“You don’t need to believe in God, Katy. You just need to believe that He made a few good men.” That was the nonsensical argument Emily Mwero had launched 22 hours ago in a bid to get her best friend, Katherine Maraga to join her at a garden social in her neighbourhood.
“It’s not a church social.” That was the other thing Emily had said just before she pulled up the emotional blackmail that had Katherine standing at the edge of a garden tent sipping at some kind of fruit juice and planning how she was going to get away without her getaway being witnessed by her best friend.
Emily was like a hawk, she was mingling, introducing Katherine to a variety of people, male and female, and then going off to talk with other people. But she was watching every move Katherine made. She kept looking over, smiling and waving, occasionally, pointedly…
So far Katherine had met a doctor, and his doctor wife, a lawyer and his executive marketing wife, and his wife’s single brother who was in IT. The wife’s single brother (someone had emphasized on the single) was very good looking but incredibly self-absorbed and within just minutes of talking to him she had to do everything she could not to roll her eyes and walk away. Now she was just hiding behind a tent flap.
Katherine had always hated social events, especially the garden soiree variety, where the women stood around in their brightly coloured dresses and talked about their homes and kids and things, and the men stood around in their checkered shirts and khakis discussing the markets and investments and cars. She had been to several of these; it was a side effect of coming into her teenage years just as her father came into wealth via a real estate boom in the Kenyan market. They had moved to the leafy suburbs and into the garden party zone.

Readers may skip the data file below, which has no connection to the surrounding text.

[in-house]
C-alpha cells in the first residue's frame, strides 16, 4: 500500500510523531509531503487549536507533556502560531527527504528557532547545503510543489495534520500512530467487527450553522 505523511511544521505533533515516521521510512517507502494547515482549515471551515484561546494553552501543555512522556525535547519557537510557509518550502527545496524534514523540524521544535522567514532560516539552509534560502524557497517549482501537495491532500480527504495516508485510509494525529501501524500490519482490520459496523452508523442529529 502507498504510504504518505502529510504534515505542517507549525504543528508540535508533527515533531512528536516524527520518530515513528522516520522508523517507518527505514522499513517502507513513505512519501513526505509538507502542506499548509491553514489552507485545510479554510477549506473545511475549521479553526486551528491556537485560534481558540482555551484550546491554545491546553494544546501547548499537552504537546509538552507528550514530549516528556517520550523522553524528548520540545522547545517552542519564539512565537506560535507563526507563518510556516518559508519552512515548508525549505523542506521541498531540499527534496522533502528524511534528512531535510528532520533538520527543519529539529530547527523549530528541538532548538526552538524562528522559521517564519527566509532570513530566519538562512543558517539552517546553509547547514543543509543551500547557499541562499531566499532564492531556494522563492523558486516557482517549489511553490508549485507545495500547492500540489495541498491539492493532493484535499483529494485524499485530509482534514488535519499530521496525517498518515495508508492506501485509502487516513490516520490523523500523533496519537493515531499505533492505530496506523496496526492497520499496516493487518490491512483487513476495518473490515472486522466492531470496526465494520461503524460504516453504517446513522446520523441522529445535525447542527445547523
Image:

She had hated the upper class pretentiousness so much that as soon as she could she had moved out and away, first to the college dorms at the University of Nairobi, then to a shared 2 bedroom flat while she attended Medical Training to become a clinical officer, and then to one-room flats wherever she was sent to work as by the government programs once she qualified.
And somehow she had been unable to leave the garden soiree circle completely behind. She had dated a doctor with an amazing God-complex, Dr. Njiuri. Dr. Njiuri was a heart surgeon who had been part of a doctor’s outreach program to provide free heart surgery for patients in far rural areas. They had met when the program came into Kilifi at the same time Katherine was posted there. And then they met again when she came back to the City for a new posting, and it turned out that her teenage friend from the suburbs was dating Dr. Njiuri’s partner at a doctor’s practice.
So a teenage friendship was revived, and a new romance started, but the latter ended when Katherine found out about a string of infidelities during a three year courtship part of which she had lived with the doctor in his gated community, garden soiree type of life.
This was definitely not where she wanted to be. And with that thought, Katherine emerged from under the tent flaps decisively to tell her best friend she was leaving. She straightened her back and shoulders, took a deep breath, and walked right into a tent pin. She registered the pain in her shin as the green grass came at her fast along with the white table top that slipped off the table as she tried to steady herself, and with it glasses of juice and finger-bites.
Katherine heard the gasps, and wondered which could possibly kill her sooner; the pain in her shin and chin, or the very definite embarrassment of falling over in the clumsiest of manners. She closed her eyes for a second, trying to wish the pain away.